NPN Story Quick NJ Sheriff's Sale
Late Stage Foreclosure
During the pandemic, there were a lot of foreclosure moratoria that affected different parts of the foreclosure process. Although this has hindered liquidations of our existing notes, a good thing is that when we buy, we’re looking at a lot of non performing notes that are in late stage foreclosure.
In some states, everything from filing the complaint, to getting judgment, to going to sale were stopped. In other states, everything except for the final foreclosure sale were allowed. In these states, foreclosures were allowed to proceed until the last step, the Sheriff’s Sale.
At the time, though, non performing note investors had no idea when sales would start resuming. Note funds that needed to sell notes were selling late stage foreclosure notes.
Advantages of Buying Notes in Late Stage Foreclosure
Notes in late stage foreclosure save the buyer time and money. There are a lot of legal costs required to get from the start of a foreclosure to the end. When we buy that note at mid or late stage foreclosure, we don’t have to come out of pocket for those extra expenses. The previous note holders have already done that for us.
Plus, when a foreclosure complaint gets judgment, the borrower is very limited in what he or she can do to stop the foreclosure. We save the time and risk of what the borrower does pre-judgment.
Cash for Keys means Vacant House
The seller of the loan was using cash for keys as a tactic to have the home vacant and ready to go before the sheriff’s sale in an attempt to speed up liquidations. They offered the homeowner/borrower cash in exchange for them vacating the premises and agreeing to not contest the foreclosure.
This is a win-win as the borrower gets some compensation and gets to move on with his or life while the lender gets a vacant property, which is easier to deal with and sell.
Special Master Sale
Usually, foreclosure sales in New Jersey are conducted by Sheriff’s departments. During the pandemic, attorneys found different legal options that allowed lenders to speed up the process.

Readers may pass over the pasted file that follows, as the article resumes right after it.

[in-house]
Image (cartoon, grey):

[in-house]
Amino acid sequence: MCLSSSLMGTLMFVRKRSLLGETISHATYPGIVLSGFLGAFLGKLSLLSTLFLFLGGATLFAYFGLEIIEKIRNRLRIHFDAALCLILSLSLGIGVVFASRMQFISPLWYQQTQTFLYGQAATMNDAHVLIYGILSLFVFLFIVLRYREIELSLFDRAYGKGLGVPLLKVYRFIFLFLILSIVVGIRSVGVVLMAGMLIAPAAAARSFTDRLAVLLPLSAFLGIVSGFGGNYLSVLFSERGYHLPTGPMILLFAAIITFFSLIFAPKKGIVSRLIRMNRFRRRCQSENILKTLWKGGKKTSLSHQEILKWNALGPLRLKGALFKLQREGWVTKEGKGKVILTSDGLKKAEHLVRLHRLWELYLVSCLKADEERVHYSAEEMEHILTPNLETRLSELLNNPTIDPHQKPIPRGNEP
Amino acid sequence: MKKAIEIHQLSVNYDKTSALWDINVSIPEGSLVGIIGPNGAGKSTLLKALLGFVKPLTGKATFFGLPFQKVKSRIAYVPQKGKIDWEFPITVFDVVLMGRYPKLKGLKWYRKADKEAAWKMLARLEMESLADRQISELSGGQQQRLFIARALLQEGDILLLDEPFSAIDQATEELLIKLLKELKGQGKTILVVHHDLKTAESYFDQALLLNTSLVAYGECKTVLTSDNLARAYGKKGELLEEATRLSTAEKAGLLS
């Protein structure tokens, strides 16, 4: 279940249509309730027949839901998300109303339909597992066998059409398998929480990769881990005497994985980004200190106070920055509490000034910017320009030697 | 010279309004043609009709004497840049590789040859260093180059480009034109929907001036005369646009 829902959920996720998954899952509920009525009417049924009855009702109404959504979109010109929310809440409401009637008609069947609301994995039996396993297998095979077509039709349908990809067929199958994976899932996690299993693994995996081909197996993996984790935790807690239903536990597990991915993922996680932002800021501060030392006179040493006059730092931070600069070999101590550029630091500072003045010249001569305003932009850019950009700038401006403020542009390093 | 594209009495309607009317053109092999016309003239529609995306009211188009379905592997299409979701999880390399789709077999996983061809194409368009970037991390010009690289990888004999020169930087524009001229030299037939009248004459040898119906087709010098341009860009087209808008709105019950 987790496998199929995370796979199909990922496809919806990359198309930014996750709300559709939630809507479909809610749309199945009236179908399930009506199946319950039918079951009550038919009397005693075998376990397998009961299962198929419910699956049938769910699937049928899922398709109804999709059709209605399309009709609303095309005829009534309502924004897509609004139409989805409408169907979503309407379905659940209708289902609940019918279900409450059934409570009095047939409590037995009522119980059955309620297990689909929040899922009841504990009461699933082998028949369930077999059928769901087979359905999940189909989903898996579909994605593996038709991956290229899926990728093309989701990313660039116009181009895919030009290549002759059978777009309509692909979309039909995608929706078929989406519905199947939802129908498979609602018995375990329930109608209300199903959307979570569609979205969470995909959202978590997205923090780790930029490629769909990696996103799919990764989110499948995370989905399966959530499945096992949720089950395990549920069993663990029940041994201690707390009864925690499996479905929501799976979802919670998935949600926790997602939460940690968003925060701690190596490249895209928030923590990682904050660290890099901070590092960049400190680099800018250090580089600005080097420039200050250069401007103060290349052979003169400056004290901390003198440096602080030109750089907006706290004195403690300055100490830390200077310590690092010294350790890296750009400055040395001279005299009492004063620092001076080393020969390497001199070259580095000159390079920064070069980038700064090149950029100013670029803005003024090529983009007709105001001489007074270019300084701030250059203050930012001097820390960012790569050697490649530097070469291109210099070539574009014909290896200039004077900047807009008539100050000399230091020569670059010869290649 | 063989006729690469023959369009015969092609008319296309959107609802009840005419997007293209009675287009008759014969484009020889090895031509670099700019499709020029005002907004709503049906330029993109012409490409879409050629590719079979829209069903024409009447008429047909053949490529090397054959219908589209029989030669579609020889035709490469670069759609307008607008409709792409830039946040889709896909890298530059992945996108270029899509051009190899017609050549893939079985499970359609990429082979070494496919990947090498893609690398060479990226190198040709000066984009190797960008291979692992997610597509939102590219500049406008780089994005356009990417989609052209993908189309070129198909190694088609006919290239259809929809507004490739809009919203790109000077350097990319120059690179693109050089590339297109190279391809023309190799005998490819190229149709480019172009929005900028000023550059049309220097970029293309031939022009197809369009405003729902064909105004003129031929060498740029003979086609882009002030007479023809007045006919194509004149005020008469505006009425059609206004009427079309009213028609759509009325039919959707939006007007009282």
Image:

For this loan, our attorney suggested that we request a “Special Master” conduct the sale. This took us a couple of months longer than normal but, since the sheriff wasn’t scheduling any sales at the time, it was worth trying.
The court granted our motion and we were able to go to sale sooner than we expected.
Setting the Opening Bid in a Hot Real Estate Market
We generally try to set our opening bid a little bit higher than what a fix and flip real estate investor would bid in the hopes that a buyer occupant or a rental investor who’s willing to pay more might buy.
This way, we maximize our profits. Since the real estate market’s been so hot recently, we set our opening bid even higher.
This house needed some work but was clearly vacant and in a really nice neighborhood. We set the opening bid for $399,000 and one successful third party bidder won the auction for $399,100
We were able to get a great deal on a note in late stage foreclosure. The borrowers had already vacated the property and our attorney helped get us to sale as quickly as possible even with the challenges from the pandemic. This was another great deal for us!
Purchase Price: $278,000
Total Cost Basis: $285,972
Sold to 3rd Party at Sheriff Sale: $399,100
Net Sales Price: $382,788
Net Profit: $96,816
Days Held: 154
Return on Investment (ROI): 33.9%
Annualized ROI: 80.2%